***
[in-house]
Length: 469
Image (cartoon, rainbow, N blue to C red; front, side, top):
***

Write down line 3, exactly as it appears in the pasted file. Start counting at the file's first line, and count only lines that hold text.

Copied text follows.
Image (cartoon, rainbow, N blue to C red; front, side, top):